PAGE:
France is also to blame for the failed subs deal, Australia said
CAMBERRA, ($1=1.37 Australian dollars) – Australian Defense Secretary Peter Dutton said that even before the agreement to build nuclear submarines in Australia, in cooperation with the United States and Great Britain, Canberra had informed Paris about its concerns about the French submarine deal, learned BulgarianMilitary.com.
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“The suggestion that the Australian government has not raised these concerns is simply challenging, frankly, what is in the public domain, and certainly does not reflect what it has publicly talked about over a long time,” Dutton in an interview with Sky News.
He said on Sunday that Australia has for several years expressed concerns to France about the 2016 order, which is estimated to be much more expensive today.
Prime Minister Scott Morrison said Friday that he had expressed “very serious concern” about the deal to French President Emmanuel Macron back in June and made it clear that Australia “will need to decide on our national interest.” Australian Treasury Secretary Simon Birmingham said Australia had informed France in advance of the deal but admitted on Sunday that negotiations with the US and Britain were secret, given the “tremendous delicacy.”
Dutton and Birmingham declined to disclose the cost of the new agreement, although Dutton said: “it will not be a cheap project.”
It was reported that French President Emmanuel Macron was not notified of the preparation of the partnership agreement, its details were agreed by the three parties at the June G7 summit in Cornwall in the south of England from 11 to 13 June. In the British government, the documents related to the deal were marked “top secret”, their discussions took place in specially protected rooms.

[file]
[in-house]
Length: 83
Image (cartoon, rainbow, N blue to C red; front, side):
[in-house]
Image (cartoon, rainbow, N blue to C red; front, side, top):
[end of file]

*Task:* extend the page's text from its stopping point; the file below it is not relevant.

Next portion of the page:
French Foreign Minister Jean-Yves Le Drian denied reports that preliminary consultations had been held with France before announcing the agreement, saying it was “not true”. Following the announcement of the agreement, Paris recalled its ambassadors from Washington and Canberra. In an interview with France 2, Le Drian said the move was “a testament to the strength of today’s crisis” between the French government and Washington and Canberra.
France is outraged by Australia’s decision
The announcement by Australian Prime Minister Scott Morrison of the decision to build nuclear submarines [nuclear submarines] within the new AUCUS alliance has caused outrage in the French government.
“This decision contradicts the letter and spirit of co-operation that existed between France and Australia,” said a joint statement by French Foreign Minister Jean-Yves Le Drian and Florence Parley’s armed forces.
Australia’s decision to build nuclear submarines in cooperation with the United States and Britain, instead of buying them from a French company, “is unfortunate,” the French foreign ministry said.
The statement said: “The US choice, which removes an ally and European partner like France from a long-standing partnership with Australia as we face unprecedented challenges in the Indo-Pacific region … marks a lack of consistency that France cannot nor did he mention what he might regret.”
Why was the contract with France terminated?
The Royal Australian Navy is armed with six Collins-class submarines. They were manufactured 30 years ago by the Swedish company Kockums, which is now part of the large Saab group. The life cycle of this type of submarine, according to the Australian Ministry, should reach its end sometime in 2030-2031. That’s why Australia ordered brand new Attaka-class submarines from the French Naval Group, which are based on modern technology and construction of French Barracuda class submarines.
Long before 2030, the French were to deliver the first submarine to the Royal Australian Navy. However, it turns out that this will not happen and the optimal delivery time for the first submarine has been changed to 2035. This puts the “kangaroo” in an awkward position and would significantly weaken the navy’s combat capabilities.
The Australian government is thus forced to seek a solution through its existing six Collins-class submarines. Canberra has already voted a budget of nearly $ 4.6 billion for their renovation. It was supposed to happen anyway, but if the French plans coincided with the pre-guaranteed ones, Australia would only upgrade three Collins-class submarines. Now the costs are doubling.